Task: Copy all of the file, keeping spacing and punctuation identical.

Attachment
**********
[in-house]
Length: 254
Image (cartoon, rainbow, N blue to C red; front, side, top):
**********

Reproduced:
[in-house]
Length: 254
Image (cartoon, rainbow, N blue to C red; front, side, top):